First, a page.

Still have an old pair of engineer boots with a 530 "Master Link" attached. Removing links to continue using a worn-out chain, Flopping sprockets when they were worn, running them until they were no longer sprockets. Of course, this was a time when "gas station attendant" was a viable career choice... and no one cared if you "wanted fries with that."

Admittedly, I still modify parts for custom applications, mostly to stay in practice and because I like the challenge. Since attaining the age of Social-Security, convenience/dependability is most important... late model Tacoma pick-up and more often ride FXBB Softail Street Bob than home-built Softail Bobber.

But... sitting in the shop, looking at my scoots, reminiscing about the "Old Days"... Yes I do!
I used to love the later model Amal carbs. The 1st thing that you do is *hitcan the chokes & thread the openings in the top piece. Then you take the plastic float bowls & sand off the "mold" marks. Then take a piece of Scotchbrite & polish the throttle slide & slide bores & you will never have trouble with them again. I used to run them at the Drag Strip & they were flawless! Take the plastic float needles & replace them with the metal ones with the rubber tips & fuel leakage is taken care of. Irish
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Old 11-12-2017, 08:24 PM   #5
wheelbender6   wheelbender6 is offline
 
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I miss the simplicity of machines from the old days. I don't miss adjusting points and greasing the chassis.
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Old 11-13-2017, 12:29 PM   #6
sc00ter   sc00ter is offline
 
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I had a MINT 4 door 76 Chevy Malibu. Fridge green with a white interior and white vinyl top. Had the 350 motor with a auto trans, factory air, power steering, power brakes, cruise control and only 71,000 miles. I loved that car so much. Loaned it to a friend who made a illegal u-turn and got smacked by a Suburban. Totaled the car. Bought it back and pulled the motor and trans to help a friend rescue his old truck that needed a motor. When I looked to replace the Malibu I looked high and low for the perfect car to replace it. What did I end up with? A new 93 Toyota Camry wagon. I have no idea why I went with a new car. The Malibu never gave me a issue, it rode super smooth, attracted attention because it sounded great (Flow Masters) and was easy to service. My sister said I just grew up and I think she's right. I also loved that Camry. Now the wife and I are Subaru people. As tempted as we are to get a Brat we passed at 3 that we ran across. We like our Baja more. Again, no idea why we stick with newer /modern cars now.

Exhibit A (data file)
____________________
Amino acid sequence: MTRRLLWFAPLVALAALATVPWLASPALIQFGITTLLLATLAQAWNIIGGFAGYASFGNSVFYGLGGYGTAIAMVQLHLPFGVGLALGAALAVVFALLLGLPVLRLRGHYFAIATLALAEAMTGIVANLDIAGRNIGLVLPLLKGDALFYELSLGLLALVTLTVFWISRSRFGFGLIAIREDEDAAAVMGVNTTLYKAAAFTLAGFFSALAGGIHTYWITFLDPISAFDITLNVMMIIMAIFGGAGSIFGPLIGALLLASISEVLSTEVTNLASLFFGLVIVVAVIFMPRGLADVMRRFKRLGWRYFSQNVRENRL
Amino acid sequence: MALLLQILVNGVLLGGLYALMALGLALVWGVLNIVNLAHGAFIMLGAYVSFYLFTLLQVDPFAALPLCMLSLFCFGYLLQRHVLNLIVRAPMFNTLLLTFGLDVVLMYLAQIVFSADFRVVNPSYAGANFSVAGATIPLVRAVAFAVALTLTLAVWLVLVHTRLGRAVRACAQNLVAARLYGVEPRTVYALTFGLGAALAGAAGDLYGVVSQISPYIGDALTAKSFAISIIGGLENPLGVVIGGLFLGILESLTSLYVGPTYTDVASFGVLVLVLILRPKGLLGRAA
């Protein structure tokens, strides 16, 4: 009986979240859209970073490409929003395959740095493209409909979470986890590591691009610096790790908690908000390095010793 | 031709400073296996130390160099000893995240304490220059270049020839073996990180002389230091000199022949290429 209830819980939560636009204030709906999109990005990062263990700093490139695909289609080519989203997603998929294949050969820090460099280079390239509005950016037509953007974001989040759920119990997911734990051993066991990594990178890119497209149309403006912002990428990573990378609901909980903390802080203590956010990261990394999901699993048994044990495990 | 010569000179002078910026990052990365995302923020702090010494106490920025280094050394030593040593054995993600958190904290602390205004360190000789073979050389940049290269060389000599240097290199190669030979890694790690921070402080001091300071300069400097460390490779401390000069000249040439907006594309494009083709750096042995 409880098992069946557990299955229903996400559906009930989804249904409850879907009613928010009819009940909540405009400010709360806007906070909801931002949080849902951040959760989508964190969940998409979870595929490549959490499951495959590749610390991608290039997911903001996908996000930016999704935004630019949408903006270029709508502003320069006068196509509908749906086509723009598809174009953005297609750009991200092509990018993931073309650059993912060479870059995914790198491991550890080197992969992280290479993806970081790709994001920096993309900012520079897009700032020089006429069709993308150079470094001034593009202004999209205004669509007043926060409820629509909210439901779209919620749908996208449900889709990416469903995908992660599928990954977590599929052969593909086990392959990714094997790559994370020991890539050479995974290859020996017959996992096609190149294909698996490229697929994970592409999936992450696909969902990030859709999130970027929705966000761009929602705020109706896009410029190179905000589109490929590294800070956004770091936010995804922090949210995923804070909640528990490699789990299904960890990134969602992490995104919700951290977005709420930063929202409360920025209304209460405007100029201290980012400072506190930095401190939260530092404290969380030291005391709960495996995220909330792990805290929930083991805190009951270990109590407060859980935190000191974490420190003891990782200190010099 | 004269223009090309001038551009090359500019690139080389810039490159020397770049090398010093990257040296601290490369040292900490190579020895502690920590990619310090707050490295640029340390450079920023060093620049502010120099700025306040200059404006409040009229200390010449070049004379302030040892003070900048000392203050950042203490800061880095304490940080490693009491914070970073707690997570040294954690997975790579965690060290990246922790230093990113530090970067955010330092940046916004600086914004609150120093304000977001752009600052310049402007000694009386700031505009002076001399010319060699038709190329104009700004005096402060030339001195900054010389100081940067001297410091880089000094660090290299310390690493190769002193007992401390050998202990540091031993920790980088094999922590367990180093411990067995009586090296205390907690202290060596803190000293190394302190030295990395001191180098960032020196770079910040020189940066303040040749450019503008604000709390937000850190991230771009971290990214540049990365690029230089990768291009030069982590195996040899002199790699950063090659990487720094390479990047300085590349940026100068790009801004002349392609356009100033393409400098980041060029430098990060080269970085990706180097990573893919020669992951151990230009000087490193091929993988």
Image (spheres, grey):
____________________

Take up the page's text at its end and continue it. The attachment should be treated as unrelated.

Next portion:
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Old 11-19-2017, 08:33 AM   #7
Roscoe   Roscoe is offline
 
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Jeeze the cars I've had through the years would bring a million bucks at a classic car auction now. 55 Chevys, several Super sports and couple of C1,C3 old vetts ... but I got old, now I'm happy with my Toyota Camry, I put a remote start on it 15 years ago and keep the old Camry maintained. I've even got a brand new gallon of genuine high dollar Toyota antifreeze to put in it this year, if I get around to it. Fuel injection solved so many problems, kids today have no idea what they are missing.